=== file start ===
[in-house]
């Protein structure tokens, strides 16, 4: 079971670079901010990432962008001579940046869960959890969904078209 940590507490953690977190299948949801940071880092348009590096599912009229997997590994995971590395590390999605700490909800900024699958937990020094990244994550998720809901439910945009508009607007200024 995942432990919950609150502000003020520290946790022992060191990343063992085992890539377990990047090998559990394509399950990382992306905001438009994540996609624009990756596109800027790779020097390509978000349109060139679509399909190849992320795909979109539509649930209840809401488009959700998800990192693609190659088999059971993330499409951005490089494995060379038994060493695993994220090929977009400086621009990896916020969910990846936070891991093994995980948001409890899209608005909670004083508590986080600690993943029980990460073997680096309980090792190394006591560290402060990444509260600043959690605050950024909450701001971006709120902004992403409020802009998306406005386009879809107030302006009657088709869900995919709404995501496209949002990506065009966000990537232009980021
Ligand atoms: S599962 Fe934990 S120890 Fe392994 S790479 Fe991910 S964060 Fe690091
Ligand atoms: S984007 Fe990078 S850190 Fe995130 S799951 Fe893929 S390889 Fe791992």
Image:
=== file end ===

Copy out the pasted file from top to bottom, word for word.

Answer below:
[in-house]
């Protein structure tokens, strides 16, 4: 079971670079901010990432962008001579940046869960959890969904078209 940590507490953690977190299948949801940071880092348009590096599912009229997997590994995971590395590390999605700490909800900024699958937990020094990244994550998720809901439910945009508009607007200024 995942432990919950609150502000003020520290946790022992060191990343063992085992890539377990990047090998559990394509399950990382992306905001438009994540996609624009990756596109800027790779020097390509978000349109060139679509399909190849992320795909979109539509649930209840809401488009959700998800990192693609190659088999059971993330499409951005490089494995060379038994060493695993994220090929977009400086621009990896916020969910990846936070891991093994995980948001409890899209608005909670004083508590986080600690993943029980990460073997680096309980090792190394006591560290402060990444509260600043959690605050950024909450701001971006709120902004992403409020802009998306406005386009879809107030302006009657088709869900995919709404995501496209949002990506065009966000990537232009980021
Ligand atoms: S599962 Fe934990 S120890 Fe392994 S790479 Fe991910 S964060 Fe690091
Ligand atoms: S984007 Fe990078 S850190 Fe995130 S799951 Fe893929 S390889 Fe791992």
Image: